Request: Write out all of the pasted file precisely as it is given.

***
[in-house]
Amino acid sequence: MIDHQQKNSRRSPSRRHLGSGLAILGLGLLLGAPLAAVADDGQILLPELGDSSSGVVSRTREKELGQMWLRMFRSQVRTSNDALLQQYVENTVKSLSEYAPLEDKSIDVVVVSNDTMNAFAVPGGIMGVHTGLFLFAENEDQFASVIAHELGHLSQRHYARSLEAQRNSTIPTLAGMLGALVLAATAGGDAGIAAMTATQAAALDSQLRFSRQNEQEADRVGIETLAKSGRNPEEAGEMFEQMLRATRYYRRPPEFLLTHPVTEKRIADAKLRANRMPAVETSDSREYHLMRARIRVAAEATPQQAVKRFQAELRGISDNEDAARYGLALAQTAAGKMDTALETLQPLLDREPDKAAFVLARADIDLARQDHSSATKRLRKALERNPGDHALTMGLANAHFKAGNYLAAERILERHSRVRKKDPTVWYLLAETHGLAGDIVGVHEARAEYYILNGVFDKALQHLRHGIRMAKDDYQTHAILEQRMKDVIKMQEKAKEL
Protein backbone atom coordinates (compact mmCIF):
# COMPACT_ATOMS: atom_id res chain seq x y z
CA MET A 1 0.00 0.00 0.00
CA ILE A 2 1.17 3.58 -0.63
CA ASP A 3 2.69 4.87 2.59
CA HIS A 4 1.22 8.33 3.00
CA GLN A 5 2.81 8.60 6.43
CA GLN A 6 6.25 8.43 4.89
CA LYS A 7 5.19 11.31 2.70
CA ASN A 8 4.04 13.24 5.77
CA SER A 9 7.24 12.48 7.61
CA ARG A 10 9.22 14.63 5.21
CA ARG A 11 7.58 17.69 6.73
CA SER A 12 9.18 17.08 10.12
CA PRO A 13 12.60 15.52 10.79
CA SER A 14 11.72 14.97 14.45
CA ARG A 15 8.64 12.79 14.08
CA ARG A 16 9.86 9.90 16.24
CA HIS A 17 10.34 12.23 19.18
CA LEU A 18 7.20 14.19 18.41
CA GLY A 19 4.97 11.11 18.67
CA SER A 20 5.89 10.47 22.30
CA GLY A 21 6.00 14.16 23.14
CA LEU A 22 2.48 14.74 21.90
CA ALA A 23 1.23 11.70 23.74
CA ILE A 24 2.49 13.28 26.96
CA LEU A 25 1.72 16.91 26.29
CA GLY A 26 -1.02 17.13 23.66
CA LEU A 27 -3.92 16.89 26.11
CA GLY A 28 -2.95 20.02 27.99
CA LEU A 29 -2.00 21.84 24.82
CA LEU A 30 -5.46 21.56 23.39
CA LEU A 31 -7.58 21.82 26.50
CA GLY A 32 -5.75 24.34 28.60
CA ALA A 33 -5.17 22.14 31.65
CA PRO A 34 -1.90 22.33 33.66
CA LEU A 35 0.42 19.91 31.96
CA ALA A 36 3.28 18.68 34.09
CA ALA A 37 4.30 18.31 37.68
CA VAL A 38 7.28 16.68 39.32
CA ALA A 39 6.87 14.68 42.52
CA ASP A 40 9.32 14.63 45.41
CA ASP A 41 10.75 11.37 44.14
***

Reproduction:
[in-house]
Amino acid sequence: MIDHQQKNSRRSPSRRHLGSGLAILGLGLLLGAPLAAVADDGQILLPELGDSSSGVVSRTREKELGQMWLRMFRSQVRTSNDALLQQYVENTVKSLSEYAPLEDKSIDVVVVSNDTMNAFAVPGGIMGVHTGLFLFAENEDQFASVIAHELGHLSQRHYARSLEAQRNSTIPTLAGMLGALVLAATAGGDAGIAAMTATQAAALDSQLRFSRQNEQEADRVGIETLAKSGRNPEEAGEMFEQMLRATRYYRRPPEFLLTHPVTEKRIADAKLRANRMPAVETSDSREYHLMRARIRVAAEATPQQAVKRFQAELRGISDNEDAARYGLALAQTAAGKMDTALETLQPLLDREPDKAAFVLARADIDLARQDHSSATKRLRKALERNPGDHALTMGLANAHFKAGNYLAAERILERHSRVRKKDPTVWYLLAETHGLAGDIVGVHEARAEYYILNGVFDKALQHLRHGIRMAKDDYQTHAILEQRMKDVIKMQEKAKEL
Protein backbone atom coordinates (compact mmCIF):
# COMPACT_ATOMS: atom_id res chain seq x y z
CA MET A 1 0.00 0.00 0.00
CA ILE A 2 1.17 3.58 -0.63
CA ASP A 3 2.69 4.87 2.59
CA HIS A 4 1.22 8.33 3.00
CA GLN A 5 2.81 8.60 6.43
CA GLN A 6 6.25 8.43 4.89
CA LYS A 7 5.19 11.31 2.70
CA ASN A 8 4.04 13.24 5.77
CA SER A 9 7.24 12.48 7.61
CA ARG A 10 9.22 14.63 5.21
CA ARG A 11 7.58 17.69 6.73
CA SER A 12 9.18 17.08 10.12
CA PRO A 13 12.60 15.52 10.79
CA SER A 14 11.72 14.97 14.45
CA ARG A 15 8.64 12.79 14.08
CA ARG A 16 9.86 9.90 16.24
CA HIS A 17 10.34 12.23 19.18
CA LEU A 18 7.20 14.19 18.41
CA GLY A 19 4.97 11.11 18.67
CA SER A 20 5.89 10.47 22.30
CA GLY A 21 6.00 14.16 23.14
CA LEU A 22 2.48 14.74 21.90
CA ALA A 23 1.23 11.70 23.74
CA ILE A 24 2.49 13.28 26.96
CA LEU A 25 1.72 16.91 26.29
CA GLY A 26 -1.02 17.13 23.66
CA LEU A 27 -3.92 16.89 26.11
CA GLY A 28 -2.95 20.02 27.99
CA LEU A 29 -2.00 21.84 24.82
CA LEU A 30 -5.46 21.56 23.39
CA LEU A 31 -7.58 21.82 26.50
CA GLY A 32 -5.75 24.34 28.60
CA ALA A 33 -5.17 22.14 31.65
CA PRO A 34 -1.90 22.33 33.66
CA LEU A 35 0.42 19.91 31.96
CA ALA A 36 3.28 18.68 34.09
CA ALA A 37 4.30 18.31 37.68
CA VAL A 38 7.28 16.68 39.32
CA ALA A 39 6.87 14.68 42.52
CA ASP A 40 9.32 14.63 45.41
CA ASP A 41 10.75 11.37 44.14